Dog poop disposal methods
You wouldn’t be the first to wonder what to do with dog poop.
The three main methods of dog poop disposal are
But many of us feel a bit uncomfortable with the either of the first two options.
In the USA government departments often recommend flushing pet waste down the toilet. Or placing it in a plastic bag and putting in the garbage. So these are reasonable options.
Especially if you don’t have room in your yard for a composter.
If you intend to flush your dog’s poop, make sure that there is no debris (leaves, sticks, stones) stuck to them!
Your sanitary system won’t be able to cope.
And never put standard poop bags down the toilet. Unless you really enjoy your plumber’s company.
It is now possible to buy flushable poop bags. They are called Flush Puppies
Flush Puppies can be flushed down the toilet or placed in a composter
Dog poop disposal in public spaces
When you are out and about with your dog you have a couple of options.
You can either dispose of your dog’s poop in a trash can, or take it home with you and flush it down your toilet when you get back.
You’ll need to get it into a bag first! (See Dog poop pick up above) We have a review of dog poop bags here: The Best Dog Poop Bags.
Dog waste bags can be quite strongly scented and some people prefer to use baby diaper sacks
Once it’s in the bag, you need to get rid of the bag itself
Designated dog waste trash cans can be found in some areas, but are often few and far between. So many people resort to throwing their poop bag in someone else’s trash (more of that below)
Or resign themselves to taking it home
Dog poop disposal at home
It’s a good idea to collect up your dog’s poop from your yard or garden on a daily basis.
Even if you have a really large yard.
Regular collection helps to reduce the risk of visiting dogs or children picking up infections, and also helps to reduce the risk of your dog becoming a poop eater!
A much more common problem than most folks realise
Poop scooping devices are useful for picking up poop at home. At the bare minimum you need a receptacle and something to push the poop with.
You can use gardening tools such as a shovel (in one hand) and a hoe or something similar with a long handle (in the other) but a commercial pooper scooper can be really helpful
Jaw clamp scoopers like this one are ideal.
Dog poop compost
Turning dog poop into compost has great appeal. You can build your own composter or buy a commercially made one. The principle is the same.
You need a large waterproof container with sturdy sides a lid, and plenty of holes in the bottom (or no bottom at all)
Dig a big hole, bigger than the container and place some stones in the bottom of the hole to help drainage.
And away you go
One of the most popular commercial dog poop composters is the Doggie Dooley Large Pyramid Dog Toilet
The name can be a bit misleading – you don’t teach your dog to poop in the Doggie Dooley, but you do collect up the poops and tip them in there
Dog Poop and Wormeries
Some people like to put dog poop in a wormery. If you do this, don’t include dog poop from dogs that have been wormed recently.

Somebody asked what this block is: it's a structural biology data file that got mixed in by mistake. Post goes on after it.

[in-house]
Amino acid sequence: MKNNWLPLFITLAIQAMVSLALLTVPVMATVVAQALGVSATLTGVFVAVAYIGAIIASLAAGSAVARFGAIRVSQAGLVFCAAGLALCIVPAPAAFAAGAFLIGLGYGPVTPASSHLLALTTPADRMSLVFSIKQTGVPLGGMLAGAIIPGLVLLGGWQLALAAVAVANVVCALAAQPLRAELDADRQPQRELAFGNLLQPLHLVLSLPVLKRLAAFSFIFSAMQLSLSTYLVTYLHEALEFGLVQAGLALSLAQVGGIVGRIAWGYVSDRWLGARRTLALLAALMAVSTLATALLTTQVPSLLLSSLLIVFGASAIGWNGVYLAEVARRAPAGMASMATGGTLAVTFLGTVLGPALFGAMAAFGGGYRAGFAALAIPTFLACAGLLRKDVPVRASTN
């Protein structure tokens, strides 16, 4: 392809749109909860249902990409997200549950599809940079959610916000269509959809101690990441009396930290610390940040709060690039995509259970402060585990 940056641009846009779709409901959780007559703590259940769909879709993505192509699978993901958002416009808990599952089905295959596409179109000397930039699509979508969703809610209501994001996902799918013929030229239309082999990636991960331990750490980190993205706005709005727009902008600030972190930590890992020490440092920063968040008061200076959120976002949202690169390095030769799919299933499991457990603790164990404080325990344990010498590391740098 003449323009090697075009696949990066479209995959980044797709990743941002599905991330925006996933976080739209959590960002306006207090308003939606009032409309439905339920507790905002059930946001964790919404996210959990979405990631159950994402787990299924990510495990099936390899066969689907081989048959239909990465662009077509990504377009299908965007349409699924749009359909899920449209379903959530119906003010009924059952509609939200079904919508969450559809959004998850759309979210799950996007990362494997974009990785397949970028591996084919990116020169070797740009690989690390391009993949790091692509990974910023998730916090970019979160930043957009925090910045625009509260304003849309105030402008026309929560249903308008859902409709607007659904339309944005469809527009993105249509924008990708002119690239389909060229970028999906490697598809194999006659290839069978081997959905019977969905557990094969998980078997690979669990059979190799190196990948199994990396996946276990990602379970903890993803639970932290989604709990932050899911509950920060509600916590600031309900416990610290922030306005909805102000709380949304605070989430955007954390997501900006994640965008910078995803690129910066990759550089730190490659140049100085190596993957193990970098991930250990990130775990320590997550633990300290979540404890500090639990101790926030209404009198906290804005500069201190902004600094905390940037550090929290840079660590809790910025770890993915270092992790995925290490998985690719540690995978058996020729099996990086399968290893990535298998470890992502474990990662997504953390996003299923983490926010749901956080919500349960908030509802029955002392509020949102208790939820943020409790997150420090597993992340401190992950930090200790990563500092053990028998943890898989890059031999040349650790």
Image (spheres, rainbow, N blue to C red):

And don’t use the compost that the wormery creates for anything you are going to eat. Just put it on your flowerbeds
Dog poop disposal summary
Attitudes to dog poop disposal have changed dramatically in the last few decades.
This is a good thing because dogs are more than ever part of our families and our communities.
And we need to make sure that association is beneficial to all concerned.
That means minimizing any health risks that may arise from bringing dogs into our lives.
Picking up poop isn’t fun, but it is an important and necessary job. Scented poop bags and poop bag holders can help make it a more pleasant task. At home you can get some handy gadgets to make your yard depooping easier, and keep your surroundings smelling sweet.
Why not let other readers know which tools and methods you have found helpful?
Before we go – back to that debate I mentioned earlier. Should you ever throw your dog’s poop bag in someone else’s trash can? What do you think?
References and further reading
- Curtis V, Biram A. Dirt, Disgust, and Disease is hygiene in our genes? Perspectives in Biology and Medicine 2001
- Mateus T. Multiple Zoonotic Parasites Identified in Dog Feces Collected in Ponte de Lima, Portugal — A Potential Threat to Human Health. International Journal Of Environmental Research And Public Health 2014
- Pereira A et al. Prevalence of parasites in soil and dog feces according to diagnostic tests. Veterinary Parasitology 2010
- Wang et al. Prevalence of Giardia and Cryptosporidium species in dog park attending dogs compared to non-dog park attending dogs in one region of Colorado. Veterinary Parasitology 2012
- Shukla R et al Cryptosporidium spp. and other zoonotic enteric parasites in a sample of domestic dogs and cats in the Niagara region of Ontario. Canadian Veterinary Journal 2006 https://www.ncbi.nlm.nih.gov/pmc/articles/PMC1636587/
- Batchelor D et al. Detection of Endoparasites with Zoonotic Potential in Dogs with Gastrointestinal Disease in the UK. Transboundary and Emerging Diseases 2008
- Katagiri S, Oliviera-Sequeira T. Prevalence of Dog Intestinal Parasites and Risk Perception of Zoonotic Infection by Dog Owners in São Paulo State, Brazil. Zoonoses and Public Health 2008
- Rinaldi et al. Canine faecal contamination and parasitic risk in the city of Naples (southern Italy) BMC Veterinary Research 2006
- Papini et al. Occurrence and cyst burden of Giardia duodenalis in dog faecal deposits from urban green areas: Implications for environmental contamination and related risks. Preventative Veterinary Medicine 2009
- Rubel and Wisnivesky. Magnitude and distribution of canine fecal contamination and helminth eggs in two areas of different urban structure, Greater Buenos Aires, Argentina. Veterinary Parasitology 2005
- Tudor P Soil Contamination with Canine Intestinal Parasites Eggs in the Parks and Shelter Dogs from Bucharest Area. Agriculture and Agricultural Science Procedia 2015
- Wright M et al Microbial load from animal feces at a recreational beach. Marine Pollution Bulletin 2009
- Conboy G. Canine angiostrongylosis: The French heartworm: An emerging threat in North America. Veterinary Parasitology 2011
- Himsworth et al. Multiple Zoonotic Pathogens Identified in Canine Feces Collected from a Remote Canadian Indigenous Community American Journal of Tropical Medicine And Hygiene
- Schets et al. Monitoring of Waterborne Pathogens in Surface Waters in Amsterdam, The Netherlands, and the Potential Health Risk Associated with Exposure to Cryptosporidium and Giardia in These Waters. Applied and Environmental Microbiology 2008